Who Needs Fracking When You Have DNA?
Robert is a member of The Motley Fool Blog Network -- entries represent the personal opinion of the blogger and are not formally edited.
Without a doubt, one of the biggest things to hit the US energy market is hydraulic fracturing. This technology has allowed domestic oil and natural gas production to soar. Investors in gas producers like Cabot Oil and Gas (NYSE: COG) have profited nicely from the development of so-called shale gas. COG has risen from $15 to $43 in two years. The company claims to have 14 of the top 20 gas producing wells in Pennsylvania's Marcellus shale. As more utility companies switch to natural gas from coal for electricity production, COG should continue to do well.
Some hope that America can be energy independent by using compressed natural gas as a vehicle fuel. This might take some time. Fortunately, there are companies working on alternative fuels to help America to achieve this important goal. As an investor, you can run with a couple big companies or a couple of small ones.
First is a big company butanol play. Butanol is a superior fuel substitute to ethanol since butanol blends easier with gasoline (up to 16% without modifying your car as opposed to 10% for ethanol), has 95% of gasoline's BTU's (as opposed to about 75% for ethanol) and is not corrosive so it can "drop in" existing pipelines, which ethanol can't. Butamax is a joint venture between DuPont (NYSE: DD) and British Petroleum (NYSE: BP). The goal is producing butanol using genetically modified yeast and other micro-organisms. Butamax is not in the butanol production business per se, but instead is developing the technology for license to actual producers. To get in on this action, you'll need to invest in either DuPont or BP. Once they start licensing the technology, the butanol producer becomes a potential investment.
Both BP and DuPont actively invest in cellulosic ethanol and other renewable energies. BP's cellulosic ethanol efforts are in three owned and operated ethanol mills in Brazil. Another ethanol plant in Great Britain is under construction and, as biobutanol technology is proven, will hopefully be converted to butanol production. Another joint venture is a $500 million, 10 year funding of the Energy Biosciences Institute, a public/private partnership looking for a technical solution to the problems of global warming, climate change and declining carbon based fuels. BP's green efforts also include a $8 billion investment in wind farms, photovoltaics and carbon capture.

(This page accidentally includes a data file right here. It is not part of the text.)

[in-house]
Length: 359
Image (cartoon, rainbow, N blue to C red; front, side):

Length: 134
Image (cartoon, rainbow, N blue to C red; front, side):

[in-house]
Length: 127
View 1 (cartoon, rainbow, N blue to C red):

DuPont's cellulosic ethanol efforts are primarily through its $6.3 billion buyout of Denisco in May 2011. Denisco happens to own Genencor, a company producing enzymes to create ethanol from non-food biomass. DuPont also applies biotechnology to create materials that can replace petroleum based counterparts. The biotechnology segment is one part of DuPont's efforts to reduce petroleum consumption through alternative fuels, improved fuel efficiency and solar power.
Among the smaller companies...
Solazyme (NASDAQ: SZYM) is producing oil from algae. Even better, depending on the need, the algae can be genetically manipulated to produce a variety of fuels from biodiesel (recently EPA approved, an industry first) to jet fuel. Why stop at petroleum based oils? The algae can produce oils for use in food and cosmetics. In fact, the biggest markets for Solazyme products are in skin care and cosmetics followed by nutritionals. Revenues are rising, United Continental has signed a letter of intent to buy 20 million gallons of fuel and cosmetic sales are growing significantly. Here's a short video of their production facility in Peoria IL. Now, if they can just turn a profit...
Amyris (NASDAQ: AMRS) is an interesting biofuel story. Rather than renewable energy, this company was founded on malaria. Amyris leveraged a grant from the Bill and Melinda Gates Foundation to produce artimystic acid, a precursor for an inexpensive anti-malaria drug, from genetically modified yeast. Amyris genetically tweaked the yeast to produce farnesene, an oil that can be converted to diesel fuel or used as a chemical in the cosmetics industry. Amyris s currently losing money, but companies like Nikko Chemicals, Michelin, Total, Volkswagen and Proctor and Gambel have all inked deals for AMRS products. Two production plants in Brazil are producing jet fuel.
Biotechnology offers the hope of providing a variety of vehicle fuels and other products from renewable sources. I believe this flexibility and the renewable nature of feedstocks, joined with genetically modified micro-organisms, will help bring energy independence to America.
dylan588 has positions in COG and BP. The Motley Fool owns shares of Solazyme. Try any of our Foolish newsletter services free for 30 days. We Fools may not all hold the same opinions, but we all believe that considering a diverse range of insights makes us better investors. The Motley Fool has a disclosure policy.If you have questions about this post or the Fool’s blog network, click here for information.